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Tidbits - Bayesian Anti-Spam

I've noticed an increasing tendency for spammers to included random meaningless strings in their headers & email text.  I had no idea why - until I saw this comment by Joel.  Presumably, the random text stings mess with the Bayesian analysis.    Does that sound right?

Thomas Jones
Thursday, November 27, 2003

Yes it's an attempt to subvert Bayesian filtering and that checksum filtering that some ISPs use.

I use a Bayesian filter and the random text doesn't seem to help spam get past the filter, as there are already too many incriminating words in spam.

Matthew Lock
Thursday, November 27, 2003

There was another thread about this below.  Basically some people said it killed their filters and others said it had no impact.  Obviously, there are many ways to implement Bayesian filtering.

Like Joel, I use SpamBayes, and the random sentences really haven't had much impact on its accuracy.

I think it'll come down to how much other text is in the email, how many emails you've trained, and how your filter deals with words it hasn't seen before.  Most likely, the "random" words won't match up too well with your good emails, so most of the words should be scored as neutral and have little impact on the score of the email.

David
Thursday, November 27, 2003

I just had another spam message today in HTML.  It had large blocks of "plain English" (non-spam) text, but in white characters so they weren't visible.  Unless the filters are smart enough to distinguish visible text from invisible text, it seems like a devious method to circumvent filters.

Robert Jacobson
Thursday, November 27, 2003

Most bayesian filters tokenise and score everything - so invisible text ends up with a really high spamming score.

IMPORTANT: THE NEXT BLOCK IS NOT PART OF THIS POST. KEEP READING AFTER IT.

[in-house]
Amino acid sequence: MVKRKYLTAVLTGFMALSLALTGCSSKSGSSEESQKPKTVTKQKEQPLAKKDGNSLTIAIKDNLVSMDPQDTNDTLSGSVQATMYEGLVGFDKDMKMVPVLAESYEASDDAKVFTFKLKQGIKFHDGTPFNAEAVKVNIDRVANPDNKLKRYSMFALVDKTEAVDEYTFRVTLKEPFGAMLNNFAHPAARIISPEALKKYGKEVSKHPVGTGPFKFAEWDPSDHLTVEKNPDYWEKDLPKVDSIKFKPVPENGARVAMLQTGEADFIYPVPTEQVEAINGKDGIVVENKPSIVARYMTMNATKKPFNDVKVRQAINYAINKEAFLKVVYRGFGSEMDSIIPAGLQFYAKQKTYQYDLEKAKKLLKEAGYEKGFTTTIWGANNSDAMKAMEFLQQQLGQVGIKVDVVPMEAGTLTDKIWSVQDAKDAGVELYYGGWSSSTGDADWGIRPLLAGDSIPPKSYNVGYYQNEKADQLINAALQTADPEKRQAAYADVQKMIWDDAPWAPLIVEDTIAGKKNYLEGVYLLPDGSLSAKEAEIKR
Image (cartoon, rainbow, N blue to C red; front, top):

Matthew Lock
Thursday, November 27, 2003

Well it only ends up with a high score if statistically it conforms to whatever you've taught the filter.  If the counter-weight text matches what you've taught it is allowable  then it will tend to make the whole email allowable.

Simon Lucy
Thursday, November 27, 2003

> If the counter-weight text matches what you've taught it is
> allowable  then it will tend to make the whole email
> allowable.

It will only make the email allowable if it contains no tokens which were classified as spam.

The spammer could include the entire text of a neutral book, or exactly the kind of text I am interested in, but a few mentions of viagra or get-rich-quick words and it would be classified as spam.

Matthew Lock
Thursday, November 27, 2003

Wouldnt common colours like FFFFFF get a really high spam score?

The only reason to use white would be if you wanted to hide something.

Perhaps we need smarter filters which weigh random/neutral tokens less, and ham/spam tokens more, which should make random strings less effective.

Annoyed that there is no anonymous posting.
Thursday, November 27, 2003

Read Paul Graham's articles.  He answers most of this stuff.
http://www.paulgraham.com/antispam.html

SomeBody
Thursday, November 27, 2003

What "Somebody" said.  Read Paul Graham's articles.  From what I can tell SpamBayes uses most of his ideas.

Basically, the only way the neutral text can work is if it looks like the legitimate emails you get.  How likely is that?  Not very.  There really is a fairly small range of words that are common in your Ham emails.  A spammer just isn't that likely to hit them often enough to offset the other content in his email.  The spam is going to have to have some text that tries to sell something or get you to click on a URL.  There are only so many ways you can make that pitch and have it not match text that's already labeled as spam.